Anxiety: Take Care of YOU

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If you are in the middle of a bad anxiety cycle,  your brain needs rest.    Look at your anxiety disorder as your brain’s way of trying to get you to take that rest.

Whatever is going on in your mind and in your life is exhausting to your brain.   It is tired and it desperately wants you to start taking better care of yourself.

But you know what?  Your brain can’t send you an email saying:

“Hey Joe,  can you do me a favor and get rid of some of the stress?   There’s been a lot going on lately and  I’m having trouble keeping up.    I’m starting to feel a little run down and overwhelmed.   Thanks bro.”

Your brain can’t pick up the phone and call you.   And it can’t write you a letter.   It has no way of coming right out and saying   “Hey….CHILL OUT MAN!  You’re going to run us both into the ground if you don’t freakin’ relax!” 


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Your exhausted brain knows,  even more than you do,  how much stress is impacting your life in a negative way.     

Your brain knows you have got to remove this stress from your life.    But without being able to come right out and tell you to slow down,  all it can do is hope you  come to this realization on your own and straighten things out.  

Your brain is a good,  logical brain.    And like any logical brain  it is waiting for you to say to yourself  “Stress is bad.   Stress equals “danger”.    I have to remove myself from this danger.”    That is what it logically expects you to do.


The fear/adrenaline response cycle is supposed to be a lifesaving backup system used in the most dire of circumstances – not a routine mechanism that helps you get through every day of your life.     Your negative thinking, and the stress in your life…and your response to the stress in your life.… causes you to over-use this system, which is exhausting to your brain,  and to your body,  and to YOU.

As I have said many times throughout this blog,  I am not “blaming” you for your anxiety disorder.    Lack of understanding and awareness is the problem.    It’s hard to fix a problem that you aren’t even aware exists.

(It’s interesting because with an anxiety disorder,  you become hyper-aware of every thought, feeling and speck of dust that flies by.   Yet an awareness of how the stress and pace of our lives has contributed to the disorder seems a pretty hard thing to come by.)  

Because we often aren’t aware of the real extent of the stress we are under,   and we aren’t aware of how our reaction to this stress is overusing our fear/adrenaline cycle,  we don’t  “remove ourselves from the danger.”    Instead of interpreting our adrenaline symptoms as a sign that we need to take it easy for a while and make some changes in our life,  it’s a bunch of:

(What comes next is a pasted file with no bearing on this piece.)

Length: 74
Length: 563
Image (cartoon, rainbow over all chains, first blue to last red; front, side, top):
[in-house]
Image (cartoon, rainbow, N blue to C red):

“I wonder why I can’t sleep.”

“My hands sure do seem to be shaking a lot lately”

“Sure wish I could stand up without feeling like my legs want to give out on me.” 

“Why do I startle every time a speck of dust hits the floor?”

“Why is my heart pounding all the time?”

“Why do I always feel like something bad is about to happen?”

“I have been to the doctor and he says I am perfectly fine.  So why does my head and neck always feel so tight and painful?”

“Why can’t I stop my thoughts from racing?”

“Am I going crazy?”

Meanwhile,  your poor brain is up there going:

“Hellooooo?   Can you HEAR  me?   Yo!   Hey you!   Listen to me!   You are OVERTHINKING this!  It’s the adrenaline I’m making that’s causing all that to happen!   Adrenaline from STRESS!   It’s me…your BRAIN!    I need a break!    Geez…what do I have to do to get this guy to get the message??”

My ex went to a doctor once who told him that his concern about his back pain was almost certainly nothing to worry about.  It probably wasn’t cancer,   it was probably just arthritis related issues.    And my husband said “Why do you seem so confident about that?”   And the doctor said  “Because that is the most logical answer to me.   And I have found that the most logical answer is almost always the right answer.”     And as it turned out,  he was right and it was a minor arthritis problem.

But that doctor’s words really stuck out to me.   It made me think of myself and my anxiety disorder,   and how a lot of us with anxiety can have the most logical answer to something staring us right in the face,  tapping us on the shoulder,   repeatedly clearing its throat loudly to get our attention,   and we choose to ignore it and go straight for the most unlikely of scenarios.    For example: